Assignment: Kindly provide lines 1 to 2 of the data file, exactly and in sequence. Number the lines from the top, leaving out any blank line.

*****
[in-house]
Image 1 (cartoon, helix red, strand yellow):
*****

[in-house]
Image 1 (cartoon, helix red, strand yellow):